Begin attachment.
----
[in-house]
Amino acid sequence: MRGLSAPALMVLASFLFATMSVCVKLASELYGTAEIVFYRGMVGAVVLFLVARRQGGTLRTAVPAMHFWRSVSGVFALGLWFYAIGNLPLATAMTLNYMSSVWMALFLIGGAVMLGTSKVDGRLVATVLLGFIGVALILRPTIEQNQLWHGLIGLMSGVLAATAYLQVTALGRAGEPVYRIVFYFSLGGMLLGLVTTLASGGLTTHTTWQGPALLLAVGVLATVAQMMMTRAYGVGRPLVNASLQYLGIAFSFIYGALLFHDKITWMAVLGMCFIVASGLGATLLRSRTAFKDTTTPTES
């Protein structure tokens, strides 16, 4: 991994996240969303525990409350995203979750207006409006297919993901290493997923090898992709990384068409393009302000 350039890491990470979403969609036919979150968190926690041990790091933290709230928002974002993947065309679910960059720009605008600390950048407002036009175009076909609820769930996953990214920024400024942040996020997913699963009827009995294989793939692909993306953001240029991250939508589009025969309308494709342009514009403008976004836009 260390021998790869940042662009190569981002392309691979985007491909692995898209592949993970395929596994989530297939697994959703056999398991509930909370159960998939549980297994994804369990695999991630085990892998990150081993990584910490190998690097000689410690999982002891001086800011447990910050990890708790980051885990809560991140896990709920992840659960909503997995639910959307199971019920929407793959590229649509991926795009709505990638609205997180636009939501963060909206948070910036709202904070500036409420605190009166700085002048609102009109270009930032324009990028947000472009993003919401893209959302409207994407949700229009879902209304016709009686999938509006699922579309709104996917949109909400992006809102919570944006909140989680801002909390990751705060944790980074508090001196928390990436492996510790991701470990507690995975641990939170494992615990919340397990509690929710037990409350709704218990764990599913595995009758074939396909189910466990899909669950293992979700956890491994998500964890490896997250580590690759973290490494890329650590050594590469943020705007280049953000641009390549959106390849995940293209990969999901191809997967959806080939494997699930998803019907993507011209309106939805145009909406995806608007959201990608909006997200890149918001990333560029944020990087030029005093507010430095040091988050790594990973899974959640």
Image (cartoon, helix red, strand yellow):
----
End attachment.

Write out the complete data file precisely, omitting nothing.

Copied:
[in-house]
Amino acid sequence: MRGLSAPALMVLASFLFATMSVCVKLASELYGTAEIVFYRGMVGAVVLFLVARRQGGTLRTAVPAMHFWRSVSGVFALGLWFYAIGNLPLATAMTLNYMSSVWMALFLIGGAVMLGTSKVDGRLVATVLLGFIGVALILRPTIEQNQLWHGLIGLMSGVLAATAYLQVTALGRAGEPVYRIVFYFSLGGMLLGLVTTLASGGLTTHTTWQGPALLLAVGVLATVAQMMMTRAYGVGRPLVNASLQYLGIAFSFIYGALLFHDKITWMAVLGMCFIVASGLGATLLRSRTAFKDTTTPTES
């Protein structure tokens, strides 16, 4: 991994996240969303525990409350995203979750207006409006297919993901290493997923090898992709990384068409393009302000 350039890491990470979403969609036919979150968190926690041990790091933290709230928002974002993947065309679910960059720009605008600390950048407002036009175009076909609820769930996953990214920024400024942040996020997913699963009827009995294989793939692909993306953001240029991250939508589009025969309308494709342009514009403008976004836009 260390021998790869940042662009190569981002392309691979985007491909692995898209592949993970395929596994989530297939697994959703056999398991509930909370159960998939549980297994994804369990695999991630085990892998990150081993990584910490190998690097000689410690999982002891001086800011447990910050990890708790980051885990809560991140896990709920992840659960909503997995639910959307199971019920929407793959590229649509991926795009709505990638609205997180636009939501963060909206948070910036709202904070500036409420605190009166700085002048609102009109270009930032324009990028947000472009993003919401893209959302409207994407949700229009879902209304016709009686999938509006699922579309709104996917949109909400992006809102919570944006909140989680801002909390990751705060944790980074508090001196928390990436492996510790991701470990507690995975641990939170494992615990919340397990509690929710037990409350709704218990764990599913595995009758074939396909189910466990899909669950293992979700956890491994998500964890490896997250580590690759973290490494890329650590050594590469943020705007280049953000641009390549959106390849995940293209990969999901191809997967959806080939494997699930998803019907993507011209309106939805145009909406995806608007959201990608909006997200890149918001990333560029944020990087030029005093507010430095040091988050790594990973899974959640």
Image (cartoon, helix red, strand yellow):